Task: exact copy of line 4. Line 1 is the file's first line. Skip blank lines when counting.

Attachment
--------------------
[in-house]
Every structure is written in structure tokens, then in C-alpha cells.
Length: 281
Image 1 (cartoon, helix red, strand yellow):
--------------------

Image 1 (cartoon, helix red, strand yellow):